'No complacency': Mead determined to forge a spot in the Majors

February 17th, 2024

PORT CHARLOTTE, Fla. -- Last Spring Training, manager Kevin Cash got a glimpse of the motivated mindset that drives . The Rays optioned the young infielder to the Minors, as expected, and he immediately asked his skipper what he needed to do to become a better offensive player. Before even leaving the room, Mead wanted answers that would help him accomplish his goal.

“I was honest,” Cash recalled earlier this week. “Like, ‘That’s not fair for me to answer. I just saw you have 20 Spring Training at-bats. But I love that you are determined to be really good.’”

Mead delivered another reminder to Cash about a week after the Rays were swept out of the postseason last October, requesting a meeting to discuss the next step in his career that wound up lasting hours. The 23-year-old rookie, MLB Pipeline’s No. 55 overall prospect, turned that conversation into action and has already stood out among the early arriving position players at Charlotte Sports Park.

“Last year didn’t necessarily go awesome, and it didn’t necessarily go super bad. I kind of felt like I got some opportunities through guys being hurt and not being around,” Mead said. “Knowing that they were going to come back, I think I kind of knew that I’d have to have a big offseason and big camp to solidify my spot on the team.

“I just kind of wanted to get some feedback from him and hear from everyone else what they think I can improve on. I just want to be the best player I can and help the team as much as possible. I want to play in the big leagues.”

The Rays are going to give Mead every opportunity to do so, even with a crowded infield mix that includes Yandy Díaz, Isaac Paredes, Brandon Lowe, José Caballero and Jonathan Aranda, plus right-handed-hitting DH Harold Ramírez.

In addition to playing second and third base, Mead will spend some time at shortstop in Spring Training as a potential backup option behind Caballero while Taylor Walls is sidelined with a right hip injury.

Mead spent four innings at shortstop in last year’s regular-season finale, his first reps there since he was 18 years old playing for the Phillies in the Rookie-level Gulf Coast League. Mead said he played more shortstop when he was younger but dropped it in pro ball, noting with a smile, “I looked around, and I was like, ‘Damn, there’s a lot of good shortstops. I’m going to go and play third.’”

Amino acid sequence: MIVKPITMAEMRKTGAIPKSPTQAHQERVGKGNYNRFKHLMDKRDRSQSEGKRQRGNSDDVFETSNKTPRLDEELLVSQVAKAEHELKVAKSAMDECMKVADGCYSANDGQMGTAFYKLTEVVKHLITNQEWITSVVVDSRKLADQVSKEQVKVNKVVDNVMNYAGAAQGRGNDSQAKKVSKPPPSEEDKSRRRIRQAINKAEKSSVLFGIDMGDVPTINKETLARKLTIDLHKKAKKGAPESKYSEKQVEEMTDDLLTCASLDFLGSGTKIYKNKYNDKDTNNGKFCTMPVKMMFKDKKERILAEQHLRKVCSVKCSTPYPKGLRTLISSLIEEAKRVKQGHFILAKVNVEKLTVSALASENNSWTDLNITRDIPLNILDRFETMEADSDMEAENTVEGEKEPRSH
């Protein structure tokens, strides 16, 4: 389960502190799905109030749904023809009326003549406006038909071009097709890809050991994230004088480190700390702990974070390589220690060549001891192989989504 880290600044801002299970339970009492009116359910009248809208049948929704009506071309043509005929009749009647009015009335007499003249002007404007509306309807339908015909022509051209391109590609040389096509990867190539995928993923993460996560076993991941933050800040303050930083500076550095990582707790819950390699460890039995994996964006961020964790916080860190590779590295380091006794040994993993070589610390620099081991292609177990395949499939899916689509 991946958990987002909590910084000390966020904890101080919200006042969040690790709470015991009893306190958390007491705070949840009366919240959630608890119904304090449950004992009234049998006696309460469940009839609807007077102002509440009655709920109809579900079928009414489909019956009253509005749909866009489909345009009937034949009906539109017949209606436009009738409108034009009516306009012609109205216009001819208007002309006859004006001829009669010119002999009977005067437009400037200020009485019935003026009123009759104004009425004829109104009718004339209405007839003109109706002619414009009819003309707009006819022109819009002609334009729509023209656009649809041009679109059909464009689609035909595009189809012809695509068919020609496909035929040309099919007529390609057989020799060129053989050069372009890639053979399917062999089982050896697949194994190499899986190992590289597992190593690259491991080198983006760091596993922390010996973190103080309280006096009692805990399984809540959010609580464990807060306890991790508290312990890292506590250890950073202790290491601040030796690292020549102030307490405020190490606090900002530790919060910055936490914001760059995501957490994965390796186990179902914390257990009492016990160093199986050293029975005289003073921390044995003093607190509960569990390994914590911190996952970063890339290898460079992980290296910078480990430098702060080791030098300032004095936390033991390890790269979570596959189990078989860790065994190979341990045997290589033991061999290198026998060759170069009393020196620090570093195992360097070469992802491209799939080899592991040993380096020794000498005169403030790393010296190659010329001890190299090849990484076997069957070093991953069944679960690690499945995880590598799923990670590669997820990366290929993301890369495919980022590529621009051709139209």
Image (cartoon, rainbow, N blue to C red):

Cash said Mead took the defensive advice offered by bench coach Rodney Linares and third-base coach Brady Williams and looks “clean” fielding ground balls around the infield in Spring Training.

“He will take as much information as you can give him, as much of the data, as much of the result information, all those things, and he’ll kind of sit on it, think about it and put it to use,” Cash said. “[Hitting coach Chad Mottola is] very happy with where he’s at. We’re all happy defensively.”

Mead certainly put in the work. He essentially took no time off from training and only gave himself about a month off from baseball activity over the offseason, starting as soon as he went home to Australia in November and ramping it up by reporting to Tropicana Field for workouts the first week of January.

“It’s one of the things that you can definitely tell about the guy is there’s no complacency,” Lowe said. “Whatever impression that he made, I think he knows he wants to improve on that and do whatever he can to do better and obviously get more playing time than he did last year.”

Mead’s bat is the reason he became such a highly regarded prospect, and it’s what will ultimately keep him in the lineup. After crushing the ball at every level of the Minors, he hit just .253/.326/.349 with 21 strikeouts in 92 plate appearances with the Rays -- not a disastrous performance by any means, but not what he expects of himself.

Mead figured his biggest issue was mental, not mechanical, saying he was “trying to be a superstar as opposed to trying to be who I am as a hitter.”

He’s motivated to be both, of course.

“After being around it and being around the guys, I definitely feel more confident coming into camp this season,” Mead added. “I didn’t feel like I had my best month or so offensively, and I felt like it was still fine. I think that was cool because I feel like when it does click, I could be pretty good. I’m looking forward to seeing what this year brings.”